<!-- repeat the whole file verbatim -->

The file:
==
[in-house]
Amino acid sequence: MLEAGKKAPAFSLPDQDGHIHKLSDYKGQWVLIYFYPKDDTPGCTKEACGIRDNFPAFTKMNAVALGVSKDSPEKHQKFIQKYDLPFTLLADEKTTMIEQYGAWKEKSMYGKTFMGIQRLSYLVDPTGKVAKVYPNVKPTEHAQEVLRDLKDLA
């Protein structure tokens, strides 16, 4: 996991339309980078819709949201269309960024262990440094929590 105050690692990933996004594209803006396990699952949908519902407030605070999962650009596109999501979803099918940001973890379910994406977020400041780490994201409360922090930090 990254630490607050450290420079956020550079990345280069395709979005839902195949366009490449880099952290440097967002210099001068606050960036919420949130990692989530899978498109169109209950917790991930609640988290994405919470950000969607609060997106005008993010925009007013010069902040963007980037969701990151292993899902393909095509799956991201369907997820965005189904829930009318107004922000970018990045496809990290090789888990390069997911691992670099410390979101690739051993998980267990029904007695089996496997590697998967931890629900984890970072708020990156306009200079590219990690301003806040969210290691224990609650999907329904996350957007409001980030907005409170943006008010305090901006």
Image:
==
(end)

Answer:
[in-house]
Amino acid sequence: MLEAGKKAPAFSLPDQDGHIHKLSDYKGQWVLIYFYPKDDTPGCTKEACGIRDNFPAFTKMNAVALGVSKDSPEKHQKFIQKYDLPFTLLADEKTTMIEQYGAWKEKSMYGKTFMGIQRLSYLVDPTGKVAKVYPNVKPTEHAQEVLRDLKDLA
């Protein structure tokens, strides 16, 4: 996991339309980078819709949201269309960024262990440094929590 105050690692990933996004594209803006396990699952949908519902407030605070999962650009596109999501979803099918940001973890379910994406977020400041780490994201409360922090930090 990254630490607050450290420079956020550079990345280069395709979005839902195949366009490449880099952290440097967002210099001068606050960036919420949130990692989530899978498109169109209950917790991930609640988290994405919470950000969607609060997106005008993010925009007013010069902040963007980037969701990151292993899902393909095509799956991201369907997820965005189904829930009318107004922000970018990045496809990290090789888990390069997911691992670099410390979101690739051993998980267990029904007695089996496997590697998967931890629900984890970072708020990156306009200079590219990690301003806040969210290691224990609650999907329904996350957007409001980030907005409170943006008010305090901006």
Image: